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Friday, December 07, 2007

St. Mary's: Mafi can make a difference this time around

STOCKTON - By late Saturday afternoon, Sam Mafi may be the answer to a trivia question: Who is the only St. Mary's High football player with two Sac-Joaquin Section championship rings?

The senior middle linebacker is the only current St. Mary's player who was on the roster when the Rams won the 2004 Division I title.

"It would be an honor to get two rings," Mafi said.

St. Mary's (12-1) has a chance to win its second section crown when it faces Napa (12-1) at 1 p.m. Saturday at Stagg Memorial Stadium.

Mafi was a standout on the frosh-soph team as a freshman, and coach Tony Franks promoted him to varsity for the playoffs.

"We didn't look at him as a freshman player," Franks said. "We were looking for players who would be varsity players the next year. It made sense to get him as much varsity experience as we could as early as we could."

Mafi played sparingly in wins over Modesto and Franklin, but he stayed on the sidelines in a 50-45 section championship win over Nevada Union.

"I was happy even though I didn't play," Mafi said. "It was one of the biggest games of my life. All the players were jumping when the clock hit zero, and we knew that we won."

Mafi keeps his championship ring in a drawer near his bed and has looked at it a lot this week. And he knows he'll have a bigger impact this time. The 5-foot-11, 216-pounder had a team-high 92 tackles in the regular season.

"Whenever, I see that ring, I think, 'I can get another one this week,' " said Mafi, a three-year starter.

Mafi was a key player on the Rams' defense as a sophomore and junior, but those teams lost in the section semifinals and first round, respectively.

"At the beginning of the year, the seniors told the team we needed a ring this year, and in order to get us there, we needed to work hard in the weight room and on the field," Mafi said.

Mafi became interested in football after watching then-San Diego Chargers linebacker Junior Seau on television 11 years ago.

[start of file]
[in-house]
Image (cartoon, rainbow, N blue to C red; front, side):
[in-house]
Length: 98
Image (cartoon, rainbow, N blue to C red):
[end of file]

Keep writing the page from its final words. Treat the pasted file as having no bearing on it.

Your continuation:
"I always looked at him, thinking I could be like him someday," Mafi said. "The way he played, the explosiveness. He was everywhere on the field, and he always made a tackle."

Mafi began playing youth football, and there was one thing he especially enjoyed.

"Just hitting people, and hearing 'Oh, that was a good hit,' " said Mafi, who hopes to play football at Nevada next fall.

Football may have helped him develop toughness, but working part-time for his father's concrete company also has been a factor.

"It's pretty difficult," Mafi said. "You've got to figure out stuff, how to do this and that. It helps me get stronger. Pouring the concrete is a lot of weight."

He has combined that toughness with leadership ability.

"He gets everyone pumped up, and he's just a team player," senior linebacker Adam Poirier said. "He plays hard every game for the team, and we do the same for him."

He also does his homework. Mafi takes game film home so he can study his assignments and learn the reads of linemen. It's paid dividends.

"He's a drive-stopper all by himself," Franks said. "Nobody is going to run over the guy. He's a straight-ahead, fill-the A-gap kind of linebacker. If you're coming at him and he's coming at you, there's going to be some discomfort."

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